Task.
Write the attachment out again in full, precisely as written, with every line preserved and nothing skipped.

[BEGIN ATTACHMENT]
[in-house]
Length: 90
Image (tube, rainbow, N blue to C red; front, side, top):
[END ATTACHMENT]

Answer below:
[in-house]
Length: 90
Image (tube, rainbow, N blue to C red; front, side, top):